Viruses are small infectious agents that are able to replicate only in living cells. They are known for their ability to produce disease in their animal and plant hosts, and they have played a prominent role in the recent expansion of knowledge in the fields of cell and molecular biology.

Keywords: virus; vaccine; infectious agent; virus replication; oncogenic virus; oncogene; gene therapy

Figure 1.

Electron micrograph of herpes simplex virus. Note that the capsid is surrounded by a membrane envelope. Bar, 40 nm.

Figure 2.

Electron micrograph of poliovirus. Note that poliovirus is much smaller than herpes simplex and that it lacks a membrane envelope. Bar, 30 nm.

Figure 3.

Structure of a helical virus, tobacco mosaic virus. A schematic representation of the virus structure (a) and an electron micrograph of the virus (b) are shown.

Figure 4.

Structure of an icosahedral virus capsid, herpes simplex virus. A drawing of an icosahedron (a) and the herpes simplex capsid (b) are shown.

Figure 5.

The genome of human papillomavirus. Positions of the regions coding for the E1E7 and L1L2 genes are indicated.

Figure 6.

Virus attachment to a host cell.

Figure 7.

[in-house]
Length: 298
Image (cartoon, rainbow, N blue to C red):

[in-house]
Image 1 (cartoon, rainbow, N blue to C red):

Accumulation of mature progeny virions inside an infected cell.

Figure 8.

Release of progeny virus by lysis of a host cell.

Figure 9.

Protocol for treatment of a patient by gene therapy. The gene to be introduced into patient cells is cloned into a virus genome (upper right) and packaged into the virus. The virus is then employed to deliver the gene to the patient, where it is expressed in the patient' cells. Presence of the novel protein complements the defect originally present in the patient.


Further Reading

Fields BN, Knipe DM, Howley PM et al. (1996) Fields Virology, 3rd edn. Philadelphia: Lippincott‐Raven.

Flint SJ, Enquist LW, Krug RM, Racaniello VR and Skalka AM (2000) Principles of Virology: Molecular Biology, Pathogenesis and Control. Herndon, VA: ASM Press.

Levine AJ (1992) Viruses. New York: Freeman.

Martelli GP, Mayo MA and Summers MD (eds) (1995) Virus Taxonomy, Classification and Nomenclature of Viruses: Sixth Report of the International Committee on Taxonomy of Viruses. Vienna: Springer.

Sauder DM (2000) All the Virology on the World Wide Web. [∼dmsander/garryfavweb.html]

Wagner EK and Martinez JH (1999) Basic Virology. Malden, MA: Blackwell Science.

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Brown, Jay C(Jul 2003) Virology. In: eLS. John Wiley & Sons Ltd, Chichester. [doi: 10.1038/npg.els.0000435]